08/28/2017 12:11 EDT | Updated 08/28/2017 12:27 EDT

NAFTA Negotiations: Don't Read Into Trump's Threats Too Much, Maine Governor Says

He is confident any issues with the deal "can be fixed."

Andrew Vaughan/The Canadian Press
Maine Governor Paul LePage talks with reporters at a meeting of New England governors and Eastern Canadian premiers in Charlottetown on Aug. 28, 2017.

CHARLOTTETOWN — A key ally of Donald Trump says Canadians should understand the U.S. president believes in free trade, and they shouldn't read too much into what they hear.

Maine Governor Paul LePage, in Charlottetown for a meeting of Eastern Canadian premiers and New England governors, said he's spoken to Trump on the subject, and he is confident any issues with NAFTA "can be fixed."

"Don't read in too much in what you sometimes hear. He really truly believes in having free trade and good, honest trade between the two countries. He really does believe that."

Trump again suggested Sunday that the North American Free Trade Agreement should be terminated, tweeting that both Canada and Mexico are being "very difficult."

It was the first time that Trump has complained about Canada's role in the talks, which began earlier this month between Canada, the U.S. and Mexico.

But LePage, who campaigned several times with Trump, said Canada likely has little to worry about.

Joshua Roberts / Reuters
U.S. President Donald Trump waves from Air Force One after arriving in Reno, Nevada, U.S., Aug. 23, 2017.

"I don't really believe he's concerned as much over Canada as much as maybe Mexico."

LePage has also proposed that the leaders gathered in Charlottetown join together on another trade irritant: softwood lumber.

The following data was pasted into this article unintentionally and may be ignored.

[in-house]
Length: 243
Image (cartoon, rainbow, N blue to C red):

He wants them to write a letter supporting exemptions on duties for softwood lumber from Atlantic Canada and Quebec.

LePage said the pressure for the duties is coming from the U.S. lumber coalition.

He said the U.S. industry is being irresponsible and if new, hefty duties remain in place there will be collateral damage to economies on both sides of the border.

I don't really believe he's concerned as much over Canada as much as maybe Mexico.Maine Governor Paul LePage

In June, the U.S. Department of Commerce hit Canada with an additional 6.87 per cent in preliminary average anti-dumping tariffs, leaving the industry facing average duties of about 27 per cent.

The decision exempts the other three Atlantic provinces, but New Brunswick — exempt from such tariffs in the past — is not.

LePage said the issue needs to be resolved quickly — noting that Texas is going to need a lot of softwood lumber to rebuild in the aftermath of Hurricane Harvey.

"When you get eight feet of water in Texas, there's going to be a lot of lumber needed in the next couple of months to rebuild that state. And it's going to be coming from Canada and the U.S."

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